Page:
Residential Fuel Cells Almost Here

Distributed generation using residential scale fuel cells nearing commercialization but they won't be cheaper than central generation.

Published: 10-Dec-2000

RICHLAND, Wash. (AP) - A machine the size of an office copier could one day bring heat and light to thousands of homes in the West at locations so remote they're out of reach of electrical transmission lines.

Fuel cells, essentially batteries that don't go dead, run on oxygen and hydrogen and have the potential to replace wood stoves, noisy generators and kerosene lamps for those living off the grid.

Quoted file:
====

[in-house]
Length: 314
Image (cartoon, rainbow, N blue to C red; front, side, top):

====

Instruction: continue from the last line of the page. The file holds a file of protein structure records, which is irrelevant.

A half-century ago, the electrification of Washington was so limited that some 80 percent of the state geographically relied on alternative sources of energy, something known as distributed generation, said Greg Smith, vice president of generation for Energy Northwest, which operates the region's only nuclear power plant, 10 miles north of here.



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